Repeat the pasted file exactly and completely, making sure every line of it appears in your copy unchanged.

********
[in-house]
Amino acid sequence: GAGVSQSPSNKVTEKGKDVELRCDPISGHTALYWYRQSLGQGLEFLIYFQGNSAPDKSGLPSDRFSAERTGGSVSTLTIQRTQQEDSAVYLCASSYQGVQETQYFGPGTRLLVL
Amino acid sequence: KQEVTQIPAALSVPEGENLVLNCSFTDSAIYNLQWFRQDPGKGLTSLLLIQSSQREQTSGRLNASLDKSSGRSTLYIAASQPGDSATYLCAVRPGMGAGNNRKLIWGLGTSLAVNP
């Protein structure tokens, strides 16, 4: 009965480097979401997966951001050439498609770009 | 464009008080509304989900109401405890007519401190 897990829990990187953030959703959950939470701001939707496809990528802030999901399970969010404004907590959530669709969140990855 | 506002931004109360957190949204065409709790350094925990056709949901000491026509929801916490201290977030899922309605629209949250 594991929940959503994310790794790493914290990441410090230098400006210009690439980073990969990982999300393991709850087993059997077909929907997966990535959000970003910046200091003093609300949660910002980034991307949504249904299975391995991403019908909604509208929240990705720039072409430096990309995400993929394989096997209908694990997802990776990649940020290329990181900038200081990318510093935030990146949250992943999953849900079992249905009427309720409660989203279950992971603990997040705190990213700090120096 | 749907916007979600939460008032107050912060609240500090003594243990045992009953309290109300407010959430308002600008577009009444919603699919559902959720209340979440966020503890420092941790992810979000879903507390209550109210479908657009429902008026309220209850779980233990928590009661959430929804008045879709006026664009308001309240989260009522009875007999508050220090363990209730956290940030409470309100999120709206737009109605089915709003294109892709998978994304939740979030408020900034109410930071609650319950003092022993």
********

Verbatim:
[in-house]
Amino acid sequence: GAGVSQSPSNKVTEKGKDVELRCDPISGHTALYWYRQSLGQGLEFLIYFQGNSAPDKSGLPSDRFSAERTGGSVSTLTIQRTQQEDSAVYLCASSYQGVQETQYFGPGTRLLVL
Amino acid sequence: KQEVTQIPAALSVPEGENLVLNCSFTDSAIYNLQWFRQDPGKGLTSLLLIQSSQREQTSGRLNASLDKSSGRSTLYIAASQPGDSATYLCAVRPGMGAGNNRKLIWGLGTSLAVNP
């Protein structure tokens, strides 16, 4: 009965480097979401997966951001050439498609770009 | 464009008080509304989900109401405890007519401190 897990829990990187953030959703959950939470701001939707496809990528802030999901399970969010404004907590959530669709969140990855 | 506002931004109360957190949204065409709790350094925990056709949901000491026509929801916490201290977030899922309605629209949250 594991929940959503994310790794790493914290990441410090230098400006210009690439980073990969990982999300393991709850087993059997077909929907997966990535959000970003910046200091003093609300949660910002980034991307949504249904299975391995991403019908909604509208929240990705720039072409430096990309995400993929394989096997209908694990997802990776990649940020290329990181900038200081990318510093935030990146949250992943999953849900079992249905009427309720409660989203279950992971603990997040705190990213700090120096 | 749907916007979600939460008032107050912060609240500090003594243990045992009953309290109300407010959430308002600008577009009444919603699919559902959720209340979440966020503890420092941790992810979000879903507390209550109210479908657009429902008026309220209850779980233990928590009661959430929804008045879709006026664009308001309240989260009522009875007999508050220090363990209730956290940030409470309100999120709206737009109605089915709003294109892709998978994304939740979030408020900034109410930071609650319950003092022993």